Considering some event with success probability p, the formula for the probability P of at least one success over n trials is:
P = 1 - (1 - p)^n
This formula stems from the intuition that to get at least one success is to NOT get all failures, and the probability of getting all failures over n trials is given by (1-p)^n.
Addressing the specific problem, this provides another understanding of why the "doubles" approximation is more accurate for small probabilities. For n=2, this formula reduces to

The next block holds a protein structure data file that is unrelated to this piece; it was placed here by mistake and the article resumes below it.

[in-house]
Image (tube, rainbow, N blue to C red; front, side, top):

P = 1 - (1 - 2p + p^2) = p*(2 - p), where p is the probability for one success. If p is small, 2-p is approximately equal to 2, and the success over two trials is approximately 2p.
This formula also lets us examine whether the same approximation works for n=3.
P = 1 - (1 - 3p + 3p^2 - p^3) = p*(3 - 3p + p^2), which is approximately 3p for small p.
We can safely generalize -- the doubles approximation holds, at least to some error, for any n.